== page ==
Getting your hands on a new set of wheels is always exciting. When it comes to used cars, it can be pretty tempting to snap up a good deal as soon as you come across it. However, extra care needs to be taken to ensure you’re not handing over your money for a dud. We’ve partnered with The NRMA to compile a shortlist of important things to check before buying a used car.
First thing’s first, know your budget. The last thing you want is to get into a financial pickle down the line. Decide how much money you’re willing to spend, and how much of that you need to borrow, then stick to it. The NRMA offer used car loans, which is a great option if you need help financing your new ride. They also have a very handy loan calculator, so you can see straight-up what your repayments will be. This is a great tool to use to help you stay on top of your budget and figure out exactly how much you’ll be repaying.
Alright, you’ve narrowed down your options, had a chat with the seller or dealer, and it’s time to check out the car in the flesh. Be sure to give the entire thing a once, twice, thrice over with a very discerning eye. Look out for things like peeling paint, rust, dents, and scratches. Plus check for any loose panels, and see if all the lights work too. If the seller is honest, they’ll have mentioned any of this damage if present beforehand, but it’s still essential to check it out yourself.
The outside seems to look okay, now time to hop inside the car to check out the interior. Here, you’ll want to see if things like the seat belts, air conditioning, lights, and speakers are working. If the car has electric windows, have a go at opening and closing them to ensure they’re fine. If it has airbags, look out for a warning light that should appear briefly on the dashboard when you turn the ignition on. Turn the engine on and keep an ear out for any irregular engine sounds or unexpected noises coming from other parts of the car too.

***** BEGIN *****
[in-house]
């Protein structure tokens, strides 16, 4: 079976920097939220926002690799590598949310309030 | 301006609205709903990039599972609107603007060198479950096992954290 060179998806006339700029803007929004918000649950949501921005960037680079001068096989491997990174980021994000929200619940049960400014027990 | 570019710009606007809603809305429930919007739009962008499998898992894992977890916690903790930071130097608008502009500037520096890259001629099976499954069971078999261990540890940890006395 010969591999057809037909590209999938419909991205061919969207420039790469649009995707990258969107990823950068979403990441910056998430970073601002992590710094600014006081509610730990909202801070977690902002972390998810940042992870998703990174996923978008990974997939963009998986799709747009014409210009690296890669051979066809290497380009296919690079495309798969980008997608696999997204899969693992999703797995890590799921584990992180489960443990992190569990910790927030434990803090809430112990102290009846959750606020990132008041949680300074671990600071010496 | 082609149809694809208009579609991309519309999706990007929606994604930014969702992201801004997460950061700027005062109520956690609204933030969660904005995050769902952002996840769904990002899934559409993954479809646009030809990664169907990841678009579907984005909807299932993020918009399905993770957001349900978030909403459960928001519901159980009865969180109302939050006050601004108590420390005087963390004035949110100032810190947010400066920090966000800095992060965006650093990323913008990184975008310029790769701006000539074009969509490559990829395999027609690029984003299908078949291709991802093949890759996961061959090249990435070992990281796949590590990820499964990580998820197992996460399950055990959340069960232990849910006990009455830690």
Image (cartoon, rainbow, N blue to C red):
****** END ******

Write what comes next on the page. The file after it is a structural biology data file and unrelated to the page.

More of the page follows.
Under The Hood
When you’re checking under the hood, ensure none of the parts have rust damage or are corroded. Checking the level of engine oil is a good idea too, as it’s a pretty good indication of whether the previous owner had been looking after it well or not. If the level is too low, they probably haven’t been doing such a stellar job. You should also be able to find the car’s engine number and VIN (vehicle identification number) under the hood too. These can be used to check the history of the vehicle, how many previous owners it’s had, if there’s any outstanding finances owed on it, odometer readings, and more useful information that’s good to know about the car.